since i've started making things that i can actually wear she has totally noticed. now whenever i visit she asks me if i've made what i'm wearing. it's really cool, she and my aunt connie both investigate whatever garment it is and talk to each other in portuguese while pointing at seams or turning it over in their hands. it's really funny, the things i have in common with the older people in my family are generally considered lost arts. i think it might be kind of novel to them when people of my generation are interested in making things by hand because it seems like not many people do anymore. i think it's cool because it's like i have something in common with them that other people don't get, like a secret club.
well, this year my vavó is turning 100 years old. it blows my mind, it is just beyond rad. she remembers the first time she saw a car, and the hindenburg used to use the islands my family is from as a checkpoint when flying/floating over the atlantic. they had no idea what it was and she remembers that. is that not insane? so, for her 100th birthday, one of her youngest grandkids is giving her a lace shawl in her favorite color made the old fashioned way. we may not be able to use words to talk about it, but she'll know exactly what it's all about. i'm sure there will be a few gestures, pointing out of details, nods and smiles. i really can't wait to give it to her, i hope she likes it!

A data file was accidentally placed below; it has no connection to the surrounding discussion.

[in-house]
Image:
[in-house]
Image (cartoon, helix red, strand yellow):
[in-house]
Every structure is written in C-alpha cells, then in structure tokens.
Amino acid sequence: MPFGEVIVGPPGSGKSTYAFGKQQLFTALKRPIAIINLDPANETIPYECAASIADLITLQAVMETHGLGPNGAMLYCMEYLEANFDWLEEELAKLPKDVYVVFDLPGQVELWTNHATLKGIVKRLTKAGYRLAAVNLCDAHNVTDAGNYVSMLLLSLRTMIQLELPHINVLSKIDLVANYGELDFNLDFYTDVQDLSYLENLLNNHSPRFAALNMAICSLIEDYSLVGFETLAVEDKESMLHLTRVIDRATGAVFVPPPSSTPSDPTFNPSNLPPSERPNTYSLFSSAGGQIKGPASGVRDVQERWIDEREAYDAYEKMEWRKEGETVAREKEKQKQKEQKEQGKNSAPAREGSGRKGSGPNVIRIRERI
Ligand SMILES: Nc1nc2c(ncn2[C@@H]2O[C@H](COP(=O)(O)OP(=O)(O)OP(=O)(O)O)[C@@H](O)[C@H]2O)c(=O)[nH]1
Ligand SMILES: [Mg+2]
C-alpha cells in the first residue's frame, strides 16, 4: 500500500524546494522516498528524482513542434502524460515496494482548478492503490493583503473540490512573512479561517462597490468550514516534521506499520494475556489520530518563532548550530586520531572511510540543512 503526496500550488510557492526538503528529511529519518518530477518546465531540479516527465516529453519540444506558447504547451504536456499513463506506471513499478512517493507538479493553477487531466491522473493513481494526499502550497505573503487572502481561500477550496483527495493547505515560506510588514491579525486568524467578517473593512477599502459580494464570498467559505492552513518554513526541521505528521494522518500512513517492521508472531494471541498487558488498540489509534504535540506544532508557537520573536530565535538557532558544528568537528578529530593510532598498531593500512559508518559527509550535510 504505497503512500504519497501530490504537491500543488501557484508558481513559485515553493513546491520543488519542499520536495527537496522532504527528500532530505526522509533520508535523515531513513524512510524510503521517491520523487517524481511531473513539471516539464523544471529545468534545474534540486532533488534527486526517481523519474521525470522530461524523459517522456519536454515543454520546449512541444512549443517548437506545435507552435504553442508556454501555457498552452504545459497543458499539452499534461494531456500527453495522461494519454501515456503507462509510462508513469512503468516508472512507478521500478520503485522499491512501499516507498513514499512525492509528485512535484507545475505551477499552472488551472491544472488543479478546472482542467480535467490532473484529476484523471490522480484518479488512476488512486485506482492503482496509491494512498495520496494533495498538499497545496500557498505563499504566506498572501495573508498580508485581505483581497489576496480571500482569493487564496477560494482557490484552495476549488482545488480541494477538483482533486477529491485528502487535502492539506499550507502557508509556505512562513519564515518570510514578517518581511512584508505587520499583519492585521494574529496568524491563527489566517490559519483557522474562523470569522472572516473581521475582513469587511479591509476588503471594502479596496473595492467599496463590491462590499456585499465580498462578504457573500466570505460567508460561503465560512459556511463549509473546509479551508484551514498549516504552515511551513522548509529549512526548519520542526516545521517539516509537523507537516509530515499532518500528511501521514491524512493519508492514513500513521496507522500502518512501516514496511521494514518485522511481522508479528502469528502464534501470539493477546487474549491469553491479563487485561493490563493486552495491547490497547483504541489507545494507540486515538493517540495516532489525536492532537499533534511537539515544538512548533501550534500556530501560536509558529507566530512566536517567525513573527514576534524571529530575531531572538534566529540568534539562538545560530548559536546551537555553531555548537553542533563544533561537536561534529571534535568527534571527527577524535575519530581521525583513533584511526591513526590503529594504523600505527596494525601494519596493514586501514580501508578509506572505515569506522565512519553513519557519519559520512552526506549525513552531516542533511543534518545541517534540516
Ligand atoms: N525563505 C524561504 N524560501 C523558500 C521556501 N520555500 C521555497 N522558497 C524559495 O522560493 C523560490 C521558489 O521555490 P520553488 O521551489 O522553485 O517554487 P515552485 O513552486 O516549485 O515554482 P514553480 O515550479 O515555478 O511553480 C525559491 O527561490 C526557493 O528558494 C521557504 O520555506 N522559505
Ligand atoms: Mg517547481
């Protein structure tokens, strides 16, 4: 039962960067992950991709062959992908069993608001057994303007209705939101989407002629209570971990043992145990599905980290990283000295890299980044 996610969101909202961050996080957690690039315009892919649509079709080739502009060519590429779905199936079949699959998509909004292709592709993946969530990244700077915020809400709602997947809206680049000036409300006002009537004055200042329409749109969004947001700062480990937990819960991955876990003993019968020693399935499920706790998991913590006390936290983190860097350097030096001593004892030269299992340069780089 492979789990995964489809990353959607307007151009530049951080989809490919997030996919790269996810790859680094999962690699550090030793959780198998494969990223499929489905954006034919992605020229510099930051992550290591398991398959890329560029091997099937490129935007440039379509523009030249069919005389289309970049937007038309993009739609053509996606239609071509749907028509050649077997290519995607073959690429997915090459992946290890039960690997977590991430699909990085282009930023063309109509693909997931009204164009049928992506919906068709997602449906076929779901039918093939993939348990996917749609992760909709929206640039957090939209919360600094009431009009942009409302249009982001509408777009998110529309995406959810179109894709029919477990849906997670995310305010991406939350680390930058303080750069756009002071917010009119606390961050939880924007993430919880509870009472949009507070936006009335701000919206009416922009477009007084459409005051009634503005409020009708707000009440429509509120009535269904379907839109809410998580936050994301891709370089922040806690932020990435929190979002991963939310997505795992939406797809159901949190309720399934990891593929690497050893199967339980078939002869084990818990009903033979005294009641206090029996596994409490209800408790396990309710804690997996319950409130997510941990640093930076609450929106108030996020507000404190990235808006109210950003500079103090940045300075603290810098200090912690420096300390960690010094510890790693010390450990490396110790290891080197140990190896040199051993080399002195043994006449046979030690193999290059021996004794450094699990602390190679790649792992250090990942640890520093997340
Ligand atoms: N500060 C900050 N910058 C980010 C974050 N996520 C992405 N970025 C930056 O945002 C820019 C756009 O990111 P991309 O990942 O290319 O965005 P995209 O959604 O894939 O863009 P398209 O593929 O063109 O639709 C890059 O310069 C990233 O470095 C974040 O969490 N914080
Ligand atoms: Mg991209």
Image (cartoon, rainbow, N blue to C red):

here's a pic of it being all shawl-like. i don't wear them this way but maybe she will, she is 99, she can do whatever she damn well pleases right?
anteros shawl by mari chiba
madelinetosh pashmina - windowpane